This story about Tori Amos first appeared in the Nominations Preview issue of TheWrap’s Oscar magazine.
Veteran indie artist Tori Amos, who has spent her career working on behalf of sexual assault victims, wrote a key song for Bonni Cohen and Jon Shenk’s “Audrie & Daisy,” a documentary about the effects of teen cyberbullying.
How did you get involved with the film?
TORI AMOS I got a phone call and I was told, “Netflix wants to send something over.” My first response was, “Oh, Netflix, that could be fun.” And then self said to self, “Don’t be silly. Nobody calls you for fun, T. Are you delusional?” I watched it and couldn’t speak after seeing it for the first time. And then I spoke to Bonni and Jon, and that was the beginning of the collaboration.
And it became your job to put words and music to something that left you speechless.
One of the toughest things for me to learn over the last 53 years is that listening is one of the most important things musicians can do. Noise comes out of our mouths, or our hands, or whatever it is. But really, in order to hear what the muses are saying, I have to get out of the way. And part of getting out of the way is getting quiet, and not projecting my reactions.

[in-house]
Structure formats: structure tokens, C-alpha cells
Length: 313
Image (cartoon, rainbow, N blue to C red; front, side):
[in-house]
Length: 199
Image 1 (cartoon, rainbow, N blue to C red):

I’m a mom, and I have a teenage daughter. So when I first saw the film, I was reacting, if I’m honest, first as a mom, second as a grown-up that didn’t understand how our teenagers are assaulting our teenagers, which is horrific enough at a college level. I realized that it was in our high schools and middle schools, and some of the kids are being groomed at 11 and 12 to send pictures of themselves naked or half naked, which then get out online, and they’re bullied.
So taking in all the issues left me, yes, completely silent.
Did you feel a sense of responsibility to the people in the film?
Yes. Because real people are involved and in one case there’s been a death, it’s very different than writing for my own records or for a film with fictional characters. So after I spoke with Bonni and Jon, I went into a place of isolation for many days. I needed to get to the place of grieving that Audrie’s mother was going through, and the grieving for the loss of innocence that the girls who were alive felt, and the sense of loss and betrayal. I needed to sit with all those emotions and trust the muses.
There was a pivotal moment in the film where a poster above Daisy’s brother’s head says, “Monsters are made, not born.” And the muse started to scream and said, “This is your way in, but you need to change it so it becomes empowering.” And so it became “Heroines, they are not born, they are made.”
Click here to read more from the Nominations Preview issue of TheWrap Oscar magazine.